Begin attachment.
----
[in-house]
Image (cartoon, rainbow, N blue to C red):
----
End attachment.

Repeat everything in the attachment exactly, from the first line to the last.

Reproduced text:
[in-house]
Image (cartoon, rainbow, N blue to C red):